After taking a picture with his phone to show his kids, who didn’t believe he was speaking to such a large group of peers, Lee Garfinkle, CMO at Allen & Overy LLP, kicked off the the NYLMA (New York Legal Marketing Association) Third Annual CMO forum with his response to “what their marketing department does to support making their firm different in the marketplace”. Garfinkle has a large client intelligence group that focuses heavily on collecting information on clients. They then add that information to their CRM to identify opportunities where they can provide value and drive business. Kate Stoddard, Director of Practice Development at Kelley Drye & Warren LLP, spoke about how their partners appreciate being able to know each other. They know each other’s practices on a personal level. That intimacy is reflective of how they interact and create custom solutions for clients.
Dave Southern, CMO at BakerHostetler, who also has an intelligence group to meet the needs of their clients, concurred with Stoddard that focusing on client’s needs always “makes it easier for their lawyers to build businesses”, but struggled with how to provide more intimacy within the firm so lawyers understand what value their peers offer.
The panel’s initial remarks gave moderator Melissa Seitter, Director of Business Development at Kobre & Kim LLP, and New York LMA President Elect, a perfect segue into “how do you go about getting lawyers to get to know each other?” Southern noted that “speed dating for partners has been one of the best things we’ve ever done and have carved out time at every major meeting to do so.” While Stoddard contributed that “internal CLEs have been very helpful as a way for colleagues to see each other in action – they can see the pitch and get to know the partners expertise.” Garfinkle’s firm relies on face to face interactions and practice group meetings. This allows them to push their initiative forward as an investment. People can then get to know each other and work better together.
Getting partners to know each other is a first step. However, fostering cross selling, as it can be challenging, is the main goal. Once partners get to know each other, Allen & Overy’s business development team focuses on making connections between research and opportunity to drive cross selling. While Kelley Drye & Warren LLP works hard to “bring clients to the buffet” by adding industry expertise to clients.
Growth and Expansion
Each panelist agreed that revenue and profit were key drivers to growth and expansion. Still, they were getting their in different ways. One of the ways they did agree upon in by utilizing client case teams. At Kelley Drye & Warren, case teams form organically by building upon their client relationships. At BakerHostetler, things are a bit more formalized. They have a modified version of SPIN Selling to drive a client action plan focusing around client needs. At Allen & Overy, every major client has a global and local relationship partner (BD role), and some have relationship associates, who communicate on a regular basis.
“Because there is a lot of things going on with a client there needs to be a bunch of communication”. Each BD person is evaluated and trained on three stages of client listening. These include – 1) pitch 2) matter and 3) relationship level. “Nothing bad has come from client listening. It is the #1 thing we can do is become closer to a client” noted Garfinkle.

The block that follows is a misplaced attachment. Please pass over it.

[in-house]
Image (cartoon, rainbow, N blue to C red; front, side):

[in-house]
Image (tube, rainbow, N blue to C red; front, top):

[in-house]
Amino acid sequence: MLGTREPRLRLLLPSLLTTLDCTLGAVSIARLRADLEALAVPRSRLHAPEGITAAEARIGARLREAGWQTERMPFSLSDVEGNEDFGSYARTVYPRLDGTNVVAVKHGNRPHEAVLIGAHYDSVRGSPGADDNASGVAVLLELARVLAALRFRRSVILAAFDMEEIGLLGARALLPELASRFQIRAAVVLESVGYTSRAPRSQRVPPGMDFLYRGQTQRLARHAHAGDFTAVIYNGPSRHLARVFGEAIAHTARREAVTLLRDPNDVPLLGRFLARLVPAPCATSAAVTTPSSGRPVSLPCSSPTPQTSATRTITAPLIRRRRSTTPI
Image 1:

Suggestions from the Panel
If your firm does not yet have a client listening initiative, the panelists have a few suggestions –
- start with one client, identify what information you want, start asking and researching
- work with an outside firm to start
- Asking clients has a bunch of benefits. Either you are the first to ask and look great, or are one of many and look good.
The latter part of the conversation shifted to legal content marketing and how content relates to driving business development targets. But what comes first – content or strategy? Responses ranged from –
- Both…have a plan, but be flexible because things come up that you want to create for
- Even though content marketing has been around forever, digital content is still in its infancy. However, there is real ROI happening.
- Digital content marketing for law firms is very under-served and will see firms focus more and more
- Content marketing focuses more on thought leadership via blogs that have a lot of SEO benefit
- Deriving content on issue based campaigns that flow from client needs – what are clients asking questions about, consolidate a team of people and create content
Conclusions on Content Marketing
All agreed that ROI from legal content marketing was difficult to clearly define. It’s because of the long sales cycles and the relationship driven nature of the business. However, there are smaller metrics that firms can define that will help gauge how much time and effort to put into an legal content marketing effort and if it is successful or not. Metrics such as website views, downloads, number of meetings, and other firm specific numbers, that will gauge what legal content marketing does different than other activities. Southern noted “have lots of little metrics that show little success to inspire other partners to get started.”
As the industry is seeing larger clients build up their internal legal departments, the last question from moderator Melissa Seitter asked “What is the biggest challenge in the next 12 months?” Challenges ranged from gaining market share of a shrinking market, pricing, and understanding what they are spending their time and money on that gives the most amount of value back to the firm….and that is a challenge all legal marketing professionals have.
Photo credits go to – Odgis + Co (@odgisandco) and Amy Hrehovcik (@hRovingChik)